Thursday, 31 May 2012

Heathen Europe and the greater Carey legacy

William Carey, the Cobbler from Kettering who became the 'Father of modern missions', was famously rebuked 230 years ago. At a Ministers meeting, agitating about the possibility of foreign missions, Carey was put in his place by this patronising reply, 'Young man, sit down! When God chooses to save the heathen, He will do it without your help or ours!'

Could there ever have been a more monumental misunderstanding of how God chooses to work in the world to fulfill His great plan? Undaunted, Carey wrote his 'Enquiry' pamphlet - An attempt to show that the Great Commission remained valid, and probably the first missionary survey of the nations in the English language, showing regions, languages, main religious groups.

Carey was both disdainful and pragmatic in dealing with some of the main objections to missions amongst the nations. 'First, as to their distance from us....' He puts this down by saying modern boats have a compass and that sailing is now more certain and safe! He acknowledges that European food may be hard to obtain, but masterfully goes on to say that because the 'natives' eat something, so can the missionaries. As to learning their languages, Carey has no time for excuses ; 'It is well known to require no very extraordinary talents to learn, in the space of a year or two at most, the language of any people upon the earth.' This comment of course from a man who taught himself Latin, Greek, Hebrew, Dutch and French whilst he was still working as a Cobbler and Pastor in Kettering!

The truth is, God chose to save the heathen by using the 'help' of ordinary men just like Carey. His conviction about the Great Commission, transformed not just his own life, but the pattern of missions that followed. Almost 70 years after Carey's death, in 1900, India and China received more missionaries than any other nation on the planet, mostly sent from the UK and America. Over 7000 men and women took Carey's model as their own, convinced in the upside down way of the Kingdom, that God was indeed wanting to work with them to reach the nations. Could there be a greater legacy than this for Carey?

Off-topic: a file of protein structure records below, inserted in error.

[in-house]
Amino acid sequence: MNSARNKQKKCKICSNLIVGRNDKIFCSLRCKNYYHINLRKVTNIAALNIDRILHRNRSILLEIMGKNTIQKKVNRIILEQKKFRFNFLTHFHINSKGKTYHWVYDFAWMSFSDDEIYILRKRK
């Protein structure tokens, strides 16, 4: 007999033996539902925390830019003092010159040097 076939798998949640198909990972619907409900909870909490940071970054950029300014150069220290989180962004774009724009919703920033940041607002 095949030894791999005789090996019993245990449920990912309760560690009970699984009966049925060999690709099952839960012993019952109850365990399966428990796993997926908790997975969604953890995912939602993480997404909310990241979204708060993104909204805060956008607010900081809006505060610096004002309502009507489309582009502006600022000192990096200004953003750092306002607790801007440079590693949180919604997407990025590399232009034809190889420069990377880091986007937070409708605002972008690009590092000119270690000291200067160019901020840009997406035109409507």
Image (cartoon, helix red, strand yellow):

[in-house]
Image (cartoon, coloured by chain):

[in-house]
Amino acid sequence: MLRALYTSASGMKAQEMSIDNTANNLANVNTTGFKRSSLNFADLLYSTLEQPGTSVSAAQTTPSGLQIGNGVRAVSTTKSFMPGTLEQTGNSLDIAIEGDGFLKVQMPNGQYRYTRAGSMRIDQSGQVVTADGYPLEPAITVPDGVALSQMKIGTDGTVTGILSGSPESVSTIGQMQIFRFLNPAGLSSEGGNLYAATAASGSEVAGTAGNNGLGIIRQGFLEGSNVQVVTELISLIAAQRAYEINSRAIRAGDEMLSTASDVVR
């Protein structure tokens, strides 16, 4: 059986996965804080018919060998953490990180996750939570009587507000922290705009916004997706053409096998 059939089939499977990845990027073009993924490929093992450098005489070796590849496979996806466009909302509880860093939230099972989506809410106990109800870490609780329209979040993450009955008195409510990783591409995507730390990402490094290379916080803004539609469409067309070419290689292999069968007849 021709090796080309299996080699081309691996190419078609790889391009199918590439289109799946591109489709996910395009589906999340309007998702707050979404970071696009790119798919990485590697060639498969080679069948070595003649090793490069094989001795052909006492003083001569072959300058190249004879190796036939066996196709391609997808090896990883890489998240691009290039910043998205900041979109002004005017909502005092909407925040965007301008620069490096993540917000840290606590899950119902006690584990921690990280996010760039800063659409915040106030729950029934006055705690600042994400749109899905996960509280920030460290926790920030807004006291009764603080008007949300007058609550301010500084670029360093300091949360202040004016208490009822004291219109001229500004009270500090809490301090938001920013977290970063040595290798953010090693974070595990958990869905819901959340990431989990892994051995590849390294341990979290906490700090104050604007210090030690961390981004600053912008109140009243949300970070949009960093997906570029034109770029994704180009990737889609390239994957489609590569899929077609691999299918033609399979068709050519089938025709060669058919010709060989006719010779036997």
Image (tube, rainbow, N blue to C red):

In a word, Yes! What William Carey could never have anticipated, was the reversal of missionary culture which is now taking place in the 21st Century. Patrick Johnstone's excellent 'The Future of the Global Church' confirms that in 2010, over 82,000 Indians were sent out as missionaries by the resurgent Indian church. Yes you read that right, 82,000 men and women coming out from the nation that William Carey arrived in alone. Indeed, you can add to that over 20,000 Koreans and a similar number from China.

The rise of the church in the Global South and the Far East is shifting the missionary power base in our generation. This change is accelerated by the increasing secularisation of 'Post Christian' Europe, where it is possible to now call nations such as France and Italy 'unreached people groups'. The United Kingdom is a case in point. The home base of pioneers like Carey, and the top nation for sending missionaries abroad in 1900, is today the fifth highest receiver of missionaries on the planet - most of whom have come from the Far East, Nigeria and South America.

So it remains true. To paraphrase the famous Carey put down - 'God does want to save the heathen in Europe, and he will do so with the help of the Indian believers!'

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